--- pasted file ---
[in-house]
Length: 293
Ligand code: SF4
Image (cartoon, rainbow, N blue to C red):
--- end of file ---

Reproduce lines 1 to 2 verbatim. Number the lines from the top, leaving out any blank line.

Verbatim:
[in-house]
Length: 293